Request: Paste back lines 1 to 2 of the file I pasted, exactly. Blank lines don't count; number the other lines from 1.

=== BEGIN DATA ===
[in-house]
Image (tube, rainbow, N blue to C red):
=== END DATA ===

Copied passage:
[in-house]
Image (tube, rainbow, N blue to C red):